As another part of my series on Javascript mobile apps, I’m going to discuss tooling.

I’ve listed my toolkit before, but here it is again:

  • jQuery
  • CoffeeScript
  • Backbone.js
  • Capt


I use jQuery for the same reason everyone else does. It’s well implemented, fast and fun to use. The well implemented part becomes important when you’re dealing with fiddly implementation details of $.ajax calls. Being able to set headers, read headers and hook the progress events of the ajax object is important to a good mobile app. I use etags when checking for updates in my apps, specifying headers in a convenient hash shorthand is the kind of small detail that jQuery covers so well.

$.ajax {
  url : ""
  dataType : 'json'
  timeout : 25000
  headers : { 'If-None-Match' : localStorage.getItem('etag') }


There are pros and cons of Javascript. The biggest downside I see is that if you’re working on projects that aren’t 100% coffeescript, you’re going to end up with ugliness. You either want to be able to convert all your code over to coffeescript (with the exception of 3rd party libraries), or you want to leave it all as javascript. Doing a combination is going to only cause heartbreak.

If you are sold on CoffeeScript though, it’s a fantastic tool. Using the fat arrow => to ensure class methods are called with the right this scope is an awesome timesaver. The biggest problem with CoffeeScript is probably debugging. This was easier in older versions of the coffee compiler, which had a 1:1 line to line conversion ratio, so model.js:23 was the same as Now, unhappily, your line numbers won’t match up, but as long as you can view the javascript output and find the error, you can easily work back and find out which line of coffeescript blew up on you.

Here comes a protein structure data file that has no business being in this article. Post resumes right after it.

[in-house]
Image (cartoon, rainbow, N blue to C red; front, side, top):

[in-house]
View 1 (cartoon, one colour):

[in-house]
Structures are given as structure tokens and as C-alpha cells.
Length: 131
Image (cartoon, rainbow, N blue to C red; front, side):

If you want a reason why to use Backbone, just view the apps using Backbone list on the backbone site. It’s a fantastic small piece of kit. It adds events, collections and models in a sensible way that will be familiar to any rails developer, but it does it without trying to pervert Javascript.

Basically, if you’re recieving json data from an endpoint and displaying it using Javascript, you should be using backbone or something similar.

I personally, used to make the mistake of trying to be ultra-minimal in my Javascript, avoiding doing heavy computation or having a lot of code over in the client. I’ve changed my way over the past year or two. If you’re struggling to do something without the correct tools, you’re wasting time, and you’ll probably end up with a half-assed solution. Refactor, break your code out into more classes, and increase your lines of code in Javascript.


This is my own tool, that I can’t really recommend to anyone else at the moment, since it’s a little bit half-assed and half-finished. But the important thing to do is to have a build tool that you can rely on. You want to be able to use .eco, .less, .coffee and .jst files easily, without having to compile them by hand, or having some makefile you run over and over. Find a build tool that watches your files, recompiles on the fly and includes each file seperately, so that when you get error messages, it’s not just error in bundled.js:31423423, which is going to be pleasantly impossible to debug.

I’d be keen to hear what other developers use for their build tools.